1a.Objectives (from AD-416)
The goal of this project is to confirm reliability of a newly developed detection method; attempt development of a rapid serological test for tombusviruses causing dieback disease in lettuce (long-term and will depend in part on success of molecular test); determine if it will be possible to monitor levels of tombusviruses in soil using commercial soil nucleic acid testing kits; and develop more cost-effective and reliable methods for greenhouse-based testing for tombusvirus resistance in lettuce.
1b.Approach (from AD-416)
Lettuce will be sampled from a diverse array of dieback infested fields from throughout the Salinas Valley and other regions; we will determine if our new molecular detection method can confirm infection more reliably and timely than previous methods. We will test commercial kits for extracting nucleic acid from soils to determine if it is possible to A) detect TBSV and LNSV from soils, and B) quantify levels from different soils and determine correlation with disease incidence in the fields (multi-year objective). Finally, we plan to test a new method for rapid greenhouse pre-screening of lettuce cultivars/lines for tombusvirus resistance.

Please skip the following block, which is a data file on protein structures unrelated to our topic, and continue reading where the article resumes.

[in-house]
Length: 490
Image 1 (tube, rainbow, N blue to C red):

This project was initiated during the summer of 2010, and has made significant progress toward the goal of a reliable greenhouse testing method. Previous studies demonstrated that the viruses responsible for lettuce dieback produce different symptoms when lettuce is infected through the soil than when the lettuce is inoculated by rubbing leaves with plant sap. Although root infection results in lettuce dieback symptoms, manually rubbing leaves with virus infected sap at ambient temperature and standard lighting conditions has been shown to produce necrotic local lesions on the inoculated leaf, but no systemic infection (infection of entire plant). However, recent through this project have shown that rub-inoculation of plants maintained at high temperature and 24 hour day length resulted in full systemic infection of nearly all inoculated plants, resembling lettuce dieback symptoms from the field. Further studies are attempting to clarify whether day length or temperature is the primary determinant for the ability of the viruses to infect systemically, and whether these conditions will facilitate selection of resistant materials. Experiments in progress are comparing high and low temperature with 24 hour day length, as well as differential day length at high temperatures previously shown to induce systemic infection, and whether this method will allow effective differentiation of resistant and susceptible genetic materials.